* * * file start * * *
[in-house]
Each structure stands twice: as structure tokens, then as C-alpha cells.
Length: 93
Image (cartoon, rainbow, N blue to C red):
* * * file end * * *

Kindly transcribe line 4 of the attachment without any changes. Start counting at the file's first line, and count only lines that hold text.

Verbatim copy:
Image (cartoon, rainbow, N blue to C red):